Neck injury compensation

Neck injury compensation

If you feel pressure or weakness in your neck, head or back, you may have suffered a neck injury.Your neck is an extremely vulnerable body part that is commonly injured, for example in a car accident or because of heavy lifting. If you have injured yourself at work or as a result of the negligent acts of another person, you may be able to claim compensation.

Can I claim compensation for a neck injury?

Generally, if you have suffered a neck injury which results from the careless action or negligence of another person, you may be able to sustain a claim for compensation. It is typically the insurance company of the person at fault who will pay a compensation claim to you, rather than the person at fault themselves.  

Negligence by another person can occur in many situations. For example, at work, if your employer fails to implement policy and procedure to prevent injury, they may be liable to pay compensation for an injury caused at work. Injuries can also occur in public places, which may give rise to grounds for a public liability claim.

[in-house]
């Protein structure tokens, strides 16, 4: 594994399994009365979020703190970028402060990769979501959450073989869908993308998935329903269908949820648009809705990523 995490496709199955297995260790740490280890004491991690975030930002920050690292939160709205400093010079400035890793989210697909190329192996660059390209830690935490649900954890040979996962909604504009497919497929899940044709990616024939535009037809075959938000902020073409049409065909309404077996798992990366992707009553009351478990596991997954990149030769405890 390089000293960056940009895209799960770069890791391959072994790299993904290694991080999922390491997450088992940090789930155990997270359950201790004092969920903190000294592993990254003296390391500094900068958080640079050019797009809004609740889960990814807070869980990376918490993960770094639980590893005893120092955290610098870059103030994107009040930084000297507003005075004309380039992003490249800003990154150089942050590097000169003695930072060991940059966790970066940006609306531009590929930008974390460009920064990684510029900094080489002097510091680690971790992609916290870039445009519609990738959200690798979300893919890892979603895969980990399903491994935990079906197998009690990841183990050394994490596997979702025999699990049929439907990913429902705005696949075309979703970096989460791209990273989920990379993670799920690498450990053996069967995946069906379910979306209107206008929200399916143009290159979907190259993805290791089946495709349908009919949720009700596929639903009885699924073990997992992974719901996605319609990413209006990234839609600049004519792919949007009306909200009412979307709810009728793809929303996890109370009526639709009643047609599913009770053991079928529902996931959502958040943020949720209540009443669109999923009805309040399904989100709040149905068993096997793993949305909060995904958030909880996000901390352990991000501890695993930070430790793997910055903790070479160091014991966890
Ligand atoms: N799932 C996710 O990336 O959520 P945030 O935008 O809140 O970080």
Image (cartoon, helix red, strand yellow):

Injured? Get expert advice now: Smith's are Queensland's only 100% risk-free injury compensation lawyers. Insist on our 'No Win. No Fee. No Catch' ® promise. Check your rights with no risk or obligations now and talk direct to our Principal lawyer, Greg Smith. Call 1800 266 801 OR  check if you can claim

I injured my neck at work- can I claim compensation?

If you have sustained a neck injury at work, whether it is because of unsafe work conditions or otherwise, you may be able to claim compensation. Common causes of neck injury at work include:

Employers must provide proper and adequate means for employees to carry out their work. This includes:

  • Maintaining a safe workplace; and
  • Providing employees with adequate training, supervision and instruction.

If you have sustained a neck injury while at work because your employer has neglected to provide a safe workplace, you may be able to sue for personal injury compensation. It is important that you seek legal assistance as soon as possible to be sure that you understand your rights.

Example: Susan is a primary school teacher at a local public school. As part of her responsibility as a teacher, she is required to clean up toys and other stationary and ensure the classroom is tidy at the end of each day.  While bending over to collect small toys that the kids had been playing with, Susan feels a sharp pain in her neck. The pain worsens the following day and Susan realises she has injured herself while bending over to tidy her classroom.